“Pan Africanism can be said to have its origins in the struggles of the African people against enslavement and colonisation” Dr Tajudeen Abdul-Raheem (Pan Africanism: Politics, Economy and Social Change in the Twenty-first Century) And this struggle may be traced back to the first resistance on slave ships – rebellions and suicides – through the constant plantation and colonial uprisings and the “Back to Africa” movements of the nineteenth century.
However, it was in the twentieth century that Pan Africanism emerged as a distinct political movement initially formed and led by people from the Diaspora (people of African heritage living outside of the Continent). In 1900, the Trinindadian barrister – Henry Sylvester Williams – called a conference that took place in Westminster Hall, London to “protest stealing of lands in the colonies, racial discrimination and deal with other issues of interest to Blacks”.
This conference drafted a letter to the Queen of England and other European rulers appealing to them to fight racism and grant independence to their colonies. It was the African American scholar and writer, Dr W.E.B. Du Bois who convened the first Pan African Congress in 1919, in Paris, France. Again it demanded independence for African nations. Further congresses – essentially extended meetings of like-minded Africans searching for a way forward - were held in 1921 (London, Brussels, Paris), 1923 (London and Lisbon), 1927 (New York).
Each reiterated and refined the demands for rights and freedom and built support for the cause. However, perhaps the most significant was the 5th Congress held in Manchester in 1945. For the first time, a large number of Africans from the Continent were present and the meeting provided impetus and momentum for the numerous post-war independence movements.
This Congress also reserved the right of the colonised, once peaceful methods had been exhausted, to use force to take forward their struggle for self-determination. Just over a decade later in 1958, Kwame Nkrumah, first leader of independent Ghana called a meeting in the capital city, Accra, of all the independent African states – Egypt, Sudan, Libya, Tunisia, Liberia, Morocco and Ethiopia – in order that they should recommit themselves to supporting independence for the rest of the Continent.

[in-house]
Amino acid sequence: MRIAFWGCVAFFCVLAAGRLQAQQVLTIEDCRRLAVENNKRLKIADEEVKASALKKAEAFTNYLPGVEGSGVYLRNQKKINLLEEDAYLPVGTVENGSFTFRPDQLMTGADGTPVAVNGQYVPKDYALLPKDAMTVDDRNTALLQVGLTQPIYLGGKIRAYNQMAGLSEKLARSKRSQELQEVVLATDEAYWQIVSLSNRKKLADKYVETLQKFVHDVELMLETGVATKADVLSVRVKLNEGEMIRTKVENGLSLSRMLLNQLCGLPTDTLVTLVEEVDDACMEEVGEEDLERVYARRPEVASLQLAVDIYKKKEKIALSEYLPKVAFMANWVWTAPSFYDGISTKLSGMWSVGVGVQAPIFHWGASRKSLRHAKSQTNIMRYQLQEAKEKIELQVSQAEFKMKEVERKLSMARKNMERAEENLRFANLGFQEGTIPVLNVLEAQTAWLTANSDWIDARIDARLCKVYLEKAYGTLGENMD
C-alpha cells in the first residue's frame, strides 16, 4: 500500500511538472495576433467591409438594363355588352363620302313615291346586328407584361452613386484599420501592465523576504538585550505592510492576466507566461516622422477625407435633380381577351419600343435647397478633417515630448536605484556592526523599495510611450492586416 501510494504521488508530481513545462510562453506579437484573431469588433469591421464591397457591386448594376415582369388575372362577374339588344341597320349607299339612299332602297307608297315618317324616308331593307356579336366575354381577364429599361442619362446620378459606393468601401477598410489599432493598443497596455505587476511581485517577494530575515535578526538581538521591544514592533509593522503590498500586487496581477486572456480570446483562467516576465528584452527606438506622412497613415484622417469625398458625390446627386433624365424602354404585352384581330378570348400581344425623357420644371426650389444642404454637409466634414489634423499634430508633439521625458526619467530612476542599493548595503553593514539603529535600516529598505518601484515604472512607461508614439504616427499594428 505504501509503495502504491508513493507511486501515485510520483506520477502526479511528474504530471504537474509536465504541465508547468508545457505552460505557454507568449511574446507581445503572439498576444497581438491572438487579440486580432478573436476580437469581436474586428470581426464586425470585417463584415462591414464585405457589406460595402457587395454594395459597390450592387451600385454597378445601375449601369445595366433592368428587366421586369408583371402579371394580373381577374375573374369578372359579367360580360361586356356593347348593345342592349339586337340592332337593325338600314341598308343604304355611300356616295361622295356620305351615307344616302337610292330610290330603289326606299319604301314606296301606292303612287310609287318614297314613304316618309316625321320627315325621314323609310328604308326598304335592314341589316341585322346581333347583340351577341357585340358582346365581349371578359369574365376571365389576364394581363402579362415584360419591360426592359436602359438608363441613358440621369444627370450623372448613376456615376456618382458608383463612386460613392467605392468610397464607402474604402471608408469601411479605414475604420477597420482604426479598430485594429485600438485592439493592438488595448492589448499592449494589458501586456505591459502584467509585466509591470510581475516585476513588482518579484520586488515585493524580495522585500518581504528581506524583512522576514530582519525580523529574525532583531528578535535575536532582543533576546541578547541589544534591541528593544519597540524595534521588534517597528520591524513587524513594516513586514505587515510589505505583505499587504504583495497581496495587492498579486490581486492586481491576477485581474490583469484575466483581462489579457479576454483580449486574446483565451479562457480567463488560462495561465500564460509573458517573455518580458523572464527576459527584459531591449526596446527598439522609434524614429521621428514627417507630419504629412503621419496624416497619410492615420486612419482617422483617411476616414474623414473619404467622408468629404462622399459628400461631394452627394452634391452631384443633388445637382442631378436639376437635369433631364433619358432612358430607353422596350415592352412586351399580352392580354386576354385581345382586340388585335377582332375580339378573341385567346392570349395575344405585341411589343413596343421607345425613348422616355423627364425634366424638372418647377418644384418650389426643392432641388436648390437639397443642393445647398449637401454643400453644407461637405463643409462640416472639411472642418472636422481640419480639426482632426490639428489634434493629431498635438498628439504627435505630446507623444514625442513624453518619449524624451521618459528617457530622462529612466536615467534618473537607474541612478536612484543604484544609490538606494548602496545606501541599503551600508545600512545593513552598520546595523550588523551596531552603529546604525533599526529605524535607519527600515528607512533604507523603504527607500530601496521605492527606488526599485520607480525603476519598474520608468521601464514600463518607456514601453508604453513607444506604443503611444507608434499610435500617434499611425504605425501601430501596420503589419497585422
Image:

By 1963, there were 31 independent nations. Some were agitating for immediate Continental political union while others favoured slower steps towards unity.
Emerging from the exchanges between the two camps, the Organisation of African Unity (OAU) was formed in May, 1963. Throughout the twentieth century, cultural Pan Africanism weaved through the politcal narrative – the Harlem Renaissance, Francophone philosophies of Negritude, Afrocentrism, Rastafarianism and Hip Hop. Artists of African origin and heritage have found inspiration in and been drawn to exploring and communicating their connections with the Continent.
Post-independence, a new generation of African writers – such as Chinua Achebe, Wole Soyinka, Bessie Head gave voice to issues that could be recognised throughout the Continent (links to other pages from the key words here). The 6th Pan African Congress in Dar Es Salaam, Tanzania in 1974 took place fuelled by the radical Black movements sweeping the Diaspora espousing militant Black pride and fighting white domination with Black separatist organisation.
The Congress was attended by 52 delegations from Africa, the Caribbean, the Americas, Britain and the Pacific. Disappointed by the OAU's lack of engagement with the Diaspora, this Congress restated the global unity of Black peoples struggling for liberation.
Inspired by the principles of self-reliance being instituted by the Tanzanian president Julius Nyerere, many hoped also to give concrete support to the new wave of independence movements in Angola, Mozambique, Guinea-Bissau, Zimbabwe and South Africa – but the Congress was unable to create clear structures to enable such action.
The 7th and last Congress in Kampala, Uganda in 1994 sort to rectify this by setting up a permanent organisational structure to carry forward decisions taken at the Congress meetings. Still, divisions and debates remained – was Pan Africanism a movement of the people or had it now been taken over by governments, were Black Africans of Sub-Saharan origin the only true Africans? Pan Africanism is no different from any other broad based and passionate political movement.
It contains diverse and sometimes opposing opinions about the best way to fulfill the common objective of the self-determination of Africa and African peoples around the world. The 7th Congress aimed to reconcile differences and create a wide and open coalition of all citizens of African countries and Diasporic people of African heritage who wished to commit themselves to the liberation of the Continent and the Diaspora.
There have been no further congresses but Pan Africanism remains a vital force in Continental and Diasporic culture and politics.